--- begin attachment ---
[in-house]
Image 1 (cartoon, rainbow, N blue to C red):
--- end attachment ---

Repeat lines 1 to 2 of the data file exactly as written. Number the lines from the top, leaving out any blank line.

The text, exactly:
[in-house]
Image 1 (cartoon, rainbow, N blue to C red):